Feeling Guilty About Not Flossing? Maybe There’s No Need


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Julio Cortez/Associated Press

For decades, the federal government — not to mention your dentist — has insisted that daily flossing is necessary to prevent cavities and gums so diseased that your teeth fall out.

Turns out, all that flossing may be overrated.

The latest dietary guidelines for Americans, issued by the Departments of Agriculture and Health and Human Services, quietly dropped any mention of flossing without notice. This week, The Associated Press reported that officials had never researched the effectiveness of regular flossing, as required, before cajoling Americans to do it.

In a statement issued on Tuesday, the American Academy of Periodontology acknowledged that most of the current evidence fell short because researchers had not been able to include enough participants or “examine gum health over a significant amount of time.”

The revelation has caused a stir among guilt-ridden citizens who strive to floss daily but fall short of that lofty goal. Among experts, however, it has been something of an open secret that flossing has not been shown to prevent cavities or severe periodontal disease.

A review of 12 randomized controlled trials published in The Cochrane Database of Systematic Reviews in 2011 found only “very unreliable” evidence that flossing might reduce plaque after one and three months. Researchers could not find any studies on the effectiveness of flossing combined with brushing for cavity prevention.

“It is very surprising that you have two habits, flossing and toothbrushing without fluoride, which are widely believed to prevent cavities and tooth loss, and yet we don’t have the randomized clinical trials to show they are effective,” said Dr. Philippe Hujoel, a professor of oral health sciences at the University of Washington in Seattle.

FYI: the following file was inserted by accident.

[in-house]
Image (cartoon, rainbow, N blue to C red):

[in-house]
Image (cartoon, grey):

The American Dental Association’s website says flossing “is an essential part of taking care of your teeth and gums.” Last year, Dr. Edmond R. Hewlett, a spokesman for the group and a professor of restorative dentistry at the University of California, Los Angeles, said, “We’re confident that disturbing the bacteria in plaque with brushing and flossing is, indeed, beneficial.”

Actually, that is only half proved: Brushing with fluoride does prevent dental decay. That flossing has the same benefit is a hunch that has never been proved.

If it is any consolation, there is some mediocre evidence that flossing does reduce bloody gums and inflammation known as gingivitis. That Cochrane review found that regular brushers and flossers had less gum bleeding than people who only brushed, although the authors cautioned that the quality of the evidence was “very low.”

Early gingivitis is a long way from severe periodontal disease. Still, some dentists argue that despite a lack of rigorous study, flossing matters if it can reverse initial gum problems.

“Gum inflammation progresses to periodontitis, which is bone loss, so the logic is if we can reduce gingivitis, we’ll reduce the progression to bone loss,” said Dr. Sebastian G. Ciancio, the chairman of the department of periodontology at the University at Buffalo.

Severe periodontal disease may take five to 20 years to develop.

“It’s a very insidious, slow, bone-melting disease,” said Dr. Wayne Aldredge, the president of the American Academy of Periodontology, who practices in Holmdel, N.J.

Even without rigorous evidence that flossing prevents late-stage periodontal disease, Dr. Aldredge urges his patients to floss. Those who quit are “rolling the dice,” he said.

“You don’t know if you’ll develop periodontal disease, and you can find out too late,” he said.

Maybe the evidence that flossing reduces tooth decay or gum disease does not hold up because we are all such poor flossers. Superflossers, like the zealous hygienist at your dentist’s office, aim to “hug the neck of the tooth” and get below the gum line, Dr. Hujoel said.

But we common folk, staring woefully at our bathroom mirrors, tend to lightly give it the once-over.

A review of six trials found that when professionals flossed the teeth of children on school days for almost two years, they saw a 40 percent reduction in the risk of cavities.

So maybe perfect flossing is effective. But scientists would be hard put to find anyone to test that theory.

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